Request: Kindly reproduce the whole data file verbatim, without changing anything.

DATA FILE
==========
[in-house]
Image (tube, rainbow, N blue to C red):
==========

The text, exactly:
[in-house]
Image (tube, rainbow, N blue to C red):